of satisfying the plausibility standard. Iqbal, 556
U.S. at 678 (quotation marks omitted); Moss, 572
F.3d at 969.
Allegations in Complaint
is currently housed at the California Institution for Men in
Chino, California. The events in the complaint are alleged to
have occurred while Plaintiff was housed at the California
Substance Abuse and Treatment Facility (“CSATF”)
in Coalinga, California. Plaintiff names the following
defendants: (1) C. Cryer, Chief Executive Officer; (2) S.
Gates, Chief, Health Care Appeals Branch-Sacramento; and (3)
Does 1 through 5, CSATF medical/health care providers.
Claim I, Plaintiff alleges that in July 2017, he was
prescribed Oxcarbazepine (“Trileptal”) for pain
management. Soon after taking Trileptal, Plaintiff began to
suffer serious side effects. On August 1, 2017, Plaintiff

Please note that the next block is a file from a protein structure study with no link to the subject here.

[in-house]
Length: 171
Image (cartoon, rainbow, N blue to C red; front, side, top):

submitted a CDCR 7362 medical request complaining of serious
side effects from Trileptal and requesting that Trileptal be
discontinued and another pain management medication be
issued. Plaintiff complains that his complaints and request
were met with deliberate indifference and no corrective
treatment was provided by Doe Defendants.
August 15, 2017, Plaintiff could no longer withstand the side
effects and refused to take Trileptal. As a result of his
refusal, Doe Defendants issued Plaintiff a CDCR 128B record,
which was negatively addressed by the Parole Board
Commissioners on August 6, 2017.
August 15, 2017 to September 17, 2017, Doe Defendants
provided Plaintiff with no care or treatment to relieve
Plaintiff's groin pain. On September 17, 2017,
acetaminophen (“Mapap”) was prescribed, which
barely reduced the pain levels Plaintiff repeatedly reported
to Doe Defendants. Plaintiff believes Mapap is nothing more
than a fever reducer, which Doe Defendants knew and used to
intentionally cause Plaintiff suffering.
October 13, 2017, Plaintiff filed a Health Care
December 20, 2017, Defendant Cryer issued CSATF's
institutional level response. Plaintiff contends that the
response is deflective, callous and with self-serving